Both of the above mentioned problems with silicon material can be avoided by designing optimal porous structures of mesoporous silicon (PSi). Porosity of PSi needs to be high enough for the material to be able to withstand the volume expansion but also low enough so that the volumetric capacity/energy density is still better than for graphite anodes.


Metallic Wood

Researchers at the School of Engineering and Applied Science, the University of Illinois at Urbana–Champaign, and the University of Cambridge have built a sheet of nickel with nanoscale pores that make it as strong as titanium, but four to five times lighter. The empty space of the pores, and the self-assembly process in which they’re made, make the porous metal akin to a natural material, such as wood. And just as the porosity of wood grain serves the biological function of transporting energy, the empty space in the researchers’ “metallic wood” could be infused with other materials. Infusing the scaffolding with anode and cathode materials would enable this metallic wood to serve double duty: a plane wing or prosthetic leg that’s also a battery. The study was led by James Pikul, assistant professor in the Department of Mechanical Engineering and Applied Mechanics at Penn Engineering.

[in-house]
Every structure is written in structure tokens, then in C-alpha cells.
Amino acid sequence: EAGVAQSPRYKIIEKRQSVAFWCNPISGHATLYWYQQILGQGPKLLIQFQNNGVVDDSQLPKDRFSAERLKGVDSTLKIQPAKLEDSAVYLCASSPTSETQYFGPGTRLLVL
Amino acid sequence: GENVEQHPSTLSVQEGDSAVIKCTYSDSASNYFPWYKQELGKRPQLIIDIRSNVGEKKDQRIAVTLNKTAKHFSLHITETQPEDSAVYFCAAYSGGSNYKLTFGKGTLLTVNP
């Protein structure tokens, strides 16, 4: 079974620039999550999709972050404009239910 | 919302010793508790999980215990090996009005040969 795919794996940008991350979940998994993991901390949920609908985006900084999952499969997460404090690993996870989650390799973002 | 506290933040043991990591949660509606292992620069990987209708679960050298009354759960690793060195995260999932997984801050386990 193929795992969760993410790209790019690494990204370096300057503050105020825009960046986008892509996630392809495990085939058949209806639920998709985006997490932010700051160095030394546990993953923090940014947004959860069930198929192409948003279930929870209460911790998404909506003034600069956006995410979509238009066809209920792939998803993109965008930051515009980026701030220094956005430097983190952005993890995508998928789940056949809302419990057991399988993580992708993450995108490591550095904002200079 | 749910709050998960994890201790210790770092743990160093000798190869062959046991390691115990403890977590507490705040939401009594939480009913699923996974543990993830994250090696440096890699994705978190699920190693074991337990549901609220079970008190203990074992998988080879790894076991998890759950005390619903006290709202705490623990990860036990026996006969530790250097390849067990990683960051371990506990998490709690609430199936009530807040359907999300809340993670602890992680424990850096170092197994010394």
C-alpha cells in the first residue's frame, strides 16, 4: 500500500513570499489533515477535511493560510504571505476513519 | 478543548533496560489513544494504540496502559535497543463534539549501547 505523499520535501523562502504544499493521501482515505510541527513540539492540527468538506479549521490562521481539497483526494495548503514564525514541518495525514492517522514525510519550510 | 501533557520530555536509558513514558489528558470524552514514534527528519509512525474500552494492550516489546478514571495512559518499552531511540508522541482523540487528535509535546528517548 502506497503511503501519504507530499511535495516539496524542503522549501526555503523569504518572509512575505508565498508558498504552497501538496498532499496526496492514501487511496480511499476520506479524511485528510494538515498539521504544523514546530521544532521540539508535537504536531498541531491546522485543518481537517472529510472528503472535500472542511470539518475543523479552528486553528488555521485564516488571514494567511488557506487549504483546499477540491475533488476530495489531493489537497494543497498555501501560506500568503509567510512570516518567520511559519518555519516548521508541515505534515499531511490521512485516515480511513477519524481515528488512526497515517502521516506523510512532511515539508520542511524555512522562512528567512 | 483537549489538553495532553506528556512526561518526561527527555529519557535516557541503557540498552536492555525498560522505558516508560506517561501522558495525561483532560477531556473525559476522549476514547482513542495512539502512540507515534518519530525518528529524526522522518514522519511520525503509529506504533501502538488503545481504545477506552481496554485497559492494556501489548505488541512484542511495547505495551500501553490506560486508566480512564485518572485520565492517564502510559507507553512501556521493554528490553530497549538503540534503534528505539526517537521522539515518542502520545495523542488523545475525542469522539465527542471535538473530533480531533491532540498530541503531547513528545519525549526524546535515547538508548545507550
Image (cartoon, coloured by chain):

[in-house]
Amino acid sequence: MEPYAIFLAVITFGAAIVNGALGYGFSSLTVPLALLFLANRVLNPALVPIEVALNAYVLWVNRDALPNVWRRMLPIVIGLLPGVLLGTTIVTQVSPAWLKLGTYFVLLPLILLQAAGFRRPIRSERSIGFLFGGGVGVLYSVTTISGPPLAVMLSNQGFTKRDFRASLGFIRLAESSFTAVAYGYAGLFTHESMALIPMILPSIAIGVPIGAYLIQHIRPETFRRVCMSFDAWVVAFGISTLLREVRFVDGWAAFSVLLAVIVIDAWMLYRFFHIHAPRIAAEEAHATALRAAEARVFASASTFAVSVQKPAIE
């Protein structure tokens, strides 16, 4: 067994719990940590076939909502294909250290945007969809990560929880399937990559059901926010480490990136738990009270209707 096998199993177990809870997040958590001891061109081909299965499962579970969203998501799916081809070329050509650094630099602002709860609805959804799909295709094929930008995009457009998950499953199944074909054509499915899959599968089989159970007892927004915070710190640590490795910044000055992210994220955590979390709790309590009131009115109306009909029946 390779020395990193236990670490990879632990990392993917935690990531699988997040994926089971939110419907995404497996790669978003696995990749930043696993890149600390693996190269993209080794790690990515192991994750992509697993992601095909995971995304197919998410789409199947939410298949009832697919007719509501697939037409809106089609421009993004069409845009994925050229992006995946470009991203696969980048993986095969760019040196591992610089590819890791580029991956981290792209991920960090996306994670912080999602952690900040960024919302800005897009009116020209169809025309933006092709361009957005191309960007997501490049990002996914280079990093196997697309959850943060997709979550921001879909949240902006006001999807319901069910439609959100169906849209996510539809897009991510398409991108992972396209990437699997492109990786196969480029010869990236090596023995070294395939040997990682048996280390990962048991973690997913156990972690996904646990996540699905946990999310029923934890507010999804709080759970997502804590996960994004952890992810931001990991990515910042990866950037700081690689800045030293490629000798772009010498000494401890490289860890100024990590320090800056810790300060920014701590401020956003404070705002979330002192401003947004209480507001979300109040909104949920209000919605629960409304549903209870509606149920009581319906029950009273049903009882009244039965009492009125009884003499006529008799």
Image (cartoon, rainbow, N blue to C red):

Metallic wood foil on a plastic backing

The reason we call it metallic wood is not just its density, which is about that of wood, but its cellular nature,” Pikul says. “Cellular materials are porous; if you look at wood grain, that’s what you’re seeing—parts that are thick and dense and made to hold the structure, and parts that are porous and made to support biological functions, like transport to and from cells.

The study has been published in Nature Scientific Reports,


New Cathode Triples the Energy Storage of Lithium-Ion Batteries